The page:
Finally, after nine months have past from the promised six-month transitional period, we are about to embark on the road to democracy with a handful of elections carrying us through till early 2013 (that’s right; the six-month transitional phase will translate to about two years).
On November 28, millions of Egyptians (including those abroad) will queue up in front of local schools to take part in what seems to be the first free and fair elections in the nation’s history. Ballots will be counted in districts all over the republic to determi the country’s first batch of democratically elected members of parliament. Looks like the struggle is paying off after all.
That is why we need to boycott the upcoming elections.
There are many reasons why I think that, just as March’s referendum was a vote for or against SCAF, boycotting November’s elections is supporting the continuation of the revolution, while partaking, regardless of the chosen candidate/party, is opting for reform.
The people demand the downfall of the regime
The Supreme Council of the Armed Forces (SCAF) appear to have been in power since February 11, but the army, as an entity, has enjoyed overwhelming power since the coup d’etat of 1952, in fact it has long been an economic giant. Whether one points to its vast lands, factories in the different industries, manpower forced to work at little or no cost, there is plenty to prove that SCAF has enjoyed more than the average share of the power pie. More importantly, it has always been an integral part of the old regime. I won’t go into why I’m against SCAF, that’s beyond this argument.
The issue here is that SCAF is putting together this limited infrastructure of ‘democracy’ for us to play in. While we fight on whether we want Egypt to be secular or Islamist, SCAF is happy with the conditions that accompany the 1.3bn dollar package from the US. While we prepare for free and fair elections, SCAF detains activists to add them to their list of 12,000 civilians tried by the military. The fact of the matter is, taking part in the elections would be collaborating with SCAF to ‘overcome’ the current phase and start working towards a democracy. While there is nothing wrong with working with the army in transition, taking part in the elections would give legitimacy to SCAF and their actions. We would be saying that everything they have done so far, although not perfect, is acceptable. On January 25th we took the streets to completely overhaul the corrupt, inhumane regime. This means settling for nothing less than a real change. If the entire army remains as it has been for 60 years, then we need to clarify that we deserve better. Thus, boycotting. Power to the people.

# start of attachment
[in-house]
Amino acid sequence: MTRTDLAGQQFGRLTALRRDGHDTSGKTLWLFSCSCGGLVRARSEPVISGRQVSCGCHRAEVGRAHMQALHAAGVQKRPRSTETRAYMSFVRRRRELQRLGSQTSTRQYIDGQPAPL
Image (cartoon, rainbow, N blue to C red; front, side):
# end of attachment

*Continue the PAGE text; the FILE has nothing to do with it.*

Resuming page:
It is comforting to believe that the army will hand over the power to a representative government as soon as we see the elections through. That is very naive, to say the least. We can only predict SCAF’s behaviour by studying their past. That, and their motives. But given how the SCAF leaders have always been an integral part of the old regime, and that unveiling any of their activities would be a direct threat to each of them, it is rather obvious that they would like to protect the status quo. Thanks to the army, Egypt has remained a military dictatorship for 60 years. The emergency law has always existed in different shapes or forms, and while it is easiest to blame the police for abusing it, it is really the army that controls it. In fact, by the end of the Mubarak era, press had opened up to allow direct criticism of government officials and indirect bashing of the president himself. However, it was dangerously frowned upon to mentioned anything relating to the military. In conclusion, if it wasn’t for the army’s backing, Mubarak’s regime would’ve lost its grip. Since February 12, an argument has been ignited in which some have exposed SCAF’s blatant efforts to protect the status quo, while most were blinded by the fairy tale of a knight in shining armour looking to take Egypt forward. Evidently, the following have proved otherwise:
- About 12,000 civilians have been forced to go through military trials, most of whom are unjustly behind bars as we speak.
- One of the SCAF officials admitted to having conducted ‘virginity tests’ against a group of female protesterss in Tahrir Square. In countries without military dictatorships, that is called sexual assault…it’s a pretty big deal.